The view from the catamaran

One of my best ocean memories is hiding under a catamaran on Santa Rosa Island in the middle of the night. I was visiting my friend Dale while he was attending college and living in Fort Walton Beach, Fla. and spent two weeks in the northwest Florida panhandle, absorbing local history and inhaling salt air. Dale was a bachelor and had a pleasant apartment close to the ocean, and he had an extra vehicle, a Jeep, that I used while he was at school and work. For two weeks I reveled in my freedom and the closeness of the sea, and I enjoyed tours of historic sites and nature parks. Much of the time was spent on Santa Rosa Island, a 50-mile long barrier island that mitigated the gulf’s waves, offering safe anchorage in peaceful bays and sounds.
A story famous in that area tells how Santa Rosa until recent times was a long spit, connected to the mainland near Destin to the east, until college kids as a prank dug a trench across the island, connecting ocean to sound. That was all the encouragement the ocean needed, and it carved a deep inlet that now allows quick entrance to the gulf for the Destin people. But the city of Destin website says, “Spanish explorers surveyed Florida in 1538. Don Francisco Tapia was commissioned to survey the Florida coast and in 1693, drew the first known map of East Pass and its shores.” So much for a fun legend, which sounds plausible when you’ve studied barrier island structure.
Dale and I ranged that particular barrier island from easterly John C. Beasley State Park to westerly Fort Pickens, within view of Pensacola. The island was developed after people had become aware of the need to preserve dunes, and I was especially smitten with its natural aspects, especially in the confines of Gulf Islands National Seashore, which includes Fort Pickens. The island and the ever-present water were compelling, and some nights after listening to bands at Fudpuckers, a local hangout on the island, we would return to the beach, which was technically closed after dark. Dale’s friend owned a catamaran that was anchored at the beach, and we hid under that boat one night. We weren’t doing anything wrong, just walking on the beach after hours, but when the beach patrol came along in its golf cart, we hid under the catamaran, spurred by a sense of adventure as much as by fear of arrest.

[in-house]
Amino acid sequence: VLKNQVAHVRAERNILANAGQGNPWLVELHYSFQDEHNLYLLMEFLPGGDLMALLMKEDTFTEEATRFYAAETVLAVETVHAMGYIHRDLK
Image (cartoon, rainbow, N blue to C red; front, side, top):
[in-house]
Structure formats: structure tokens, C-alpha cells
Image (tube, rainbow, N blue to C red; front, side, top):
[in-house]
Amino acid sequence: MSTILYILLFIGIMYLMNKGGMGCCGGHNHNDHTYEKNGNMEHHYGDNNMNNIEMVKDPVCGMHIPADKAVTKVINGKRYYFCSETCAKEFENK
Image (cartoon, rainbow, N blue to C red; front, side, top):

Santa Rosa Island got me hooked on barrier islands, those coastal custodians that stretch from Maine to Texas and on into Mexico. Sometimes small, sometimes stretching for dozens of miles, they are often only wide enough for dunes, a road and a single line of houses, with shallow sounds on one side and the Atlantic Ocean or Gulf of Mexico on the other. My wife and I visited North Carolina’s Outer Banks in 1993, and one evening we sat on a wooden bench atop a dune, watching the sun set over Pamlico Sound while the moon rose over the ocean. I especially loved the long, isolated stretches south of the developed areas, where the power line and the road paralleling the dunes, with sand drifting across, were the only manmade intrusions into the view of sand and water.
I visited Santa Rosa Island in 1988 and the Outer Banks, as mentioned, in 1993, and they still call to me, pulling me from my landlocked Ohio home to the edge of the ocean, where land and water meet in a fluctuating, fascinating melding of land, sea, and sky When I stand in the surf, I feel a connection to the world and to the explorers who landed at Santa Rosa Island, who gave thanks at Virginia’s Cape Henry. I read once that our blood contains the same percentages of elements as sea water, and when I shed my shoes at the beach and enter that salty water, I feel reconnected to that which is my source and my home.

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